The transapical and transseptal approach have both been reported for transcatheter valve-in-valve placement in the mitral position.3 Regardless of the approach to percutaneous mitral valve insertion, it is imperative to ensure accurate location of the guidewire, delivery system, and valve. The midesophageal long-axis views of the LV by 2D echocardiography ensure the coaxial placement of the guidewire and delivery system through both the LV apex and the mitral valve. Subsequently, attention can be turned toward adequate placement of the guidewire and delivery system through the mitral valve by using real-time 3D both en face from the left atrium and from the LV and long-axis views of the mitral valve. The optimal orientation of the delivery device will have the wire through the center of the mitral valve with the frame centered within the sewing ring of the existing valve.4 Although more challenging in a native valve, the existing sewing ring from the previous bioprosthesis facilitated accurate placement because it was readily apparent by 3D TEE; the largest series on percutaneous mitral replacement suggests positioning the new valve 3 to 5 mm atrially, beyond the existing sewing ring.5 The existing surgical valve must be bioprosthetic to qualify for this procedure because any mechanical valve would preclude a transcatheter approach to replacement. TEE also can aid in adequate sizing of the Edwards SAPIEN valve. In a case series of valve-in-valve replacement for degenerated bioprosthetic mitral valves, sizing was done by both internal diameter measured by TEE and internal diameter provided by the manufacturer. A 26-mm valve was chosen if the inner diameter was between 21.5 and 24.5 mm and for diameters larger than 24.5 mm, a 29-mm valve was chosen.6

In the case presented earlier, with the use of real-time 3D, we were able to confirm safe placement of the wire through the severely stenotic bioprosthetic valve (Fig. 1; Video 1, Supplemental Digital Content 1,, confirm improvement in the opening of the degenerated cusps of the bioprosthetic valve after balloon valvuloplasty (Fig. 2; Video 2, Supplemental Digital Content 2,, confirm adequate placement of the delivery system (Fig. 2; Video 2, Supplemental Digital Content 2,, and image the deployment of the new valve in real-time (Fig. 3; Video 2, Supplemental Digital Content 2, Although fluoroscopy was used in addition to TEE in the presented case, the transapical valve-in-valve deployment with echocardiographic guidance only, has been described.7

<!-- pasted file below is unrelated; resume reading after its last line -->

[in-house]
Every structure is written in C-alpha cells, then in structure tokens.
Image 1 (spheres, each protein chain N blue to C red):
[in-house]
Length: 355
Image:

Figure 1
Figure 1:
(Left) Full volume 3D view of severely stenosed, previously replaced, mitral valve shown during atrial systole in the open position viewed from the left atrium. The sewing ring (red) and stenotic orifice (green) are clearly depicted. (Right) A color flow Doppler demonstrating moderate mitral regurgitation (blue) during ventricular systole, with the sewing ring of the existing prosthesis again seen (red).
Figure 2
Figure 2:
(Left) Real-time 3D view of the left atrium, left ventricle, and left ventricular outflow tract definitively confirming the placement of the wire (green) from the left ventricular apex through the mitral valve (red). (Right) Real-time 3D view of successful deployment of the Edwards SAPIEN valve within the existing bioprosthetic valve (red), with the delivery system in place (blue).
Figure 3
Figure 3:
(Left) Full volume 3D color flow Doppler of the new valve demonstrating mild intravalvular regurgitation (blue) without a perivalvular component. (Right) Full-volume 3D view from the left atrium of the new valve (red) shown during atrial systole in the open position with fully mobile leaflets within the previous bioprosthetic sewing ring (green).

Use of TEE, both 2D and 3D, has the benefit of minimizing fluoroscopy and reducing patient and provider exposure to ionizing radiation and potentially reducing the amount of nephrotoxic contrast dye administered. In addition, 3D TEE at the midesophageal level, through its unique perspective of the mitral valve, is superior to both 2D TEE and fluoroscopy, which only provide 2D insight into valvular pathology and transvalvular wire/catheter position. A 3D TEE of a heavily calcified or prosthetic valve may have fewer artifacts because of the simultaneous rendering of 2D arrays in addition to accurately identifying spatial position of existing pathology in relation to the introduced devices, which may otherwise appear superimposed in 2D imaging modalities. The 3D en face view allows for precision in the centering of the wire, ensuring that it has not snared an existing leaflet, whereas the LV view more confidently identifies apical location, subvalvular structures, and appropriate device depth. If 3D imaging is unavailable or limited (reduced frame rate, artifact), simultaneous orthogonal 2D imaging also can be useful in precise positioning of the wire and delivery device.